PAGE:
PDA

View Full Version : College kids lack skills? This report says so.


chagrin
01-19-2006, 02:09 PM
This doesn't suprise me, seeing how everyone seems to be more focused on how they look, what clothes they wear and what they drive rather than education.

story (http://www.usatoday.com/news/education/2006-01-19-college-tasks_x.htm?csp=24)


WASHINGTON (AP) Nearing a diploma, most college students cannot handle many complex but common tasks, from understanding credit card offers to comparing the cost per ounce of food.
Those are the sobering findings of a study of literacy on college campuses, the first to target the skills of students as they approach the start of their careers.

More than 50% of students at four-year schools and more than 75% at two-year colleges lacked the skills to perform complex literacy tasks.

That means they could not interpret a table about exercise and blood pressure, understand the arguments of newspaper editorials, compare credit card offers with different interest rates and annual fees or summarize results of a survey about parental involvement in school.

The results cut across three types of literacy: analyzing news stories and other prose, understanding documents and having math skills needed for checkbooks or restaurant tips.

"It is kind of disturbing that a lot of folks are graduating with a degree and they're not going to be able to do those things," said Stephane Baldi, the study's director at the American Institutes for Research, a behavioral and social science research organization.

Most students at community colleges and four-year schools showed intermediate skills, meaning they could perform moderately challenging tasks. Examples include identifying a location on a map, calculating the cost of ordering office supplies or consulting a reference guide to figure out which foods contain a particular vitamin.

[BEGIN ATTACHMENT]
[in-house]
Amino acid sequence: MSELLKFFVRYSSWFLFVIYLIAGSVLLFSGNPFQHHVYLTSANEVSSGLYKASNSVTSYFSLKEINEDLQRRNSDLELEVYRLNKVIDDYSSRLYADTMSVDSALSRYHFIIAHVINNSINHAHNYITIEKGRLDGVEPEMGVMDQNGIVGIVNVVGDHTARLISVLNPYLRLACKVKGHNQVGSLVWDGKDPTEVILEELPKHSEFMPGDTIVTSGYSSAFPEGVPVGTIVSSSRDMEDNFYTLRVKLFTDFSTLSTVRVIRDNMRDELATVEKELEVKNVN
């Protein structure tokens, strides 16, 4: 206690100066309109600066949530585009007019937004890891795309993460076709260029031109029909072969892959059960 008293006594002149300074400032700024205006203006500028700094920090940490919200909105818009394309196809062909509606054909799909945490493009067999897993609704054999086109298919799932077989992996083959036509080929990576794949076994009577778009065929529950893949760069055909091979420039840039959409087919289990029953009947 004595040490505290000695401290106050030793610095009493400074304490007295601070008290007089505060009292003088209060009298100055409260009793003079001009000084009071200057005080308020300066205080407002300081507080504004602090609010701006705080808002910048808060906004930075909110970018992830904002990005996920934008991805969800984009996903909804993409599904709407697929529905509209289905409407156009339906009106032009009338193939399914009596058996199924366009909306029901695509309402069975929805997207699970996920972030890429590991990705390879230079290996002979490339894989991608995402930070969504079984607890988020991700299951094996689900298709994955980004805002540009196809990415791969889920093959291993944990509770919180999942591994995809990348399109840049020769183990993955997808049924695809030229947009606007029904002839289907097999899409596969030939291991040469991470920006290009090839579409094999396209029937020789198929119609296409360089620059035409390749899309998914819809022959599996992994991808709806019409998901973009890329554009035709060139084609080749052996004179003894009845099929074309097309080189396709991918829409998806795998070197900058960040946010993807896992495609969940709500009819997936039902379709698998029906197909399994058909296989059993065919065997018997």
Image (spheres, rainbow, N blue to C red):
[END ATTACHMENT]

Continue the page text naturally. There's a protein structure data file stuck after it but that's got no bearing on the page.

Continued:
There was brighter news.

Overall, the average literacy of college students is significantly higher than that of adults across the nation. Study leaders said that was encouraging but not surprising, given that the spectrum of adults includes those with much less education.

Also, compared with all adults with similar levels of education, college students had superior skills in searching and using information from texts and documents.

"But do they do well enough for a highly educated population? For a knowledge-based economy? The answer is no," said Joni Finney, vice president of the National Center for Public Policy and Higher Education, an independent and non-partisan group.

"This sends a message that we should be monitoring this as a nation, and we don't do it," Finney said. "States have no idea about the knowledge and skills of their college graduates."

The survey examined college and university students nearing the end of their degree programs. The students did the worst on matters involving math, according to the study.

Almost 20% of students pursuing four-year degrees had only basic quantitative skills. For example, the students could not estimate if their car had enough gas to get to the service station. About 30% of two-year students had only basic math skills.

Baldi and Finney said the survey should be used as a tool. They hope state leaders, educators and university trustees will examine the rigor of courses required of all students.

The survey showed a strong relationship between analytic coursework and literacy. Students in two-year and four-year schools scored higher when they took classes that challenged them to apply theories to practical problems or weigh competing arguments.

The college survey used the same test as the National Assessment of Adult Literacy, the government's examination of English literacy among adults. The results of that study were released in December, showing about one in 20 adults is not literate in English.

On campus, the tests were given in 2003 to a representative sample of 1,827 students at public and private schools. The Pew Charitable Trusts funded the survey.

It has a margin of sampling error of plus or minus 3 percentage points.

ENDelt260
01-19-2006, 02:12 PM
comparing the cost per ounce of food.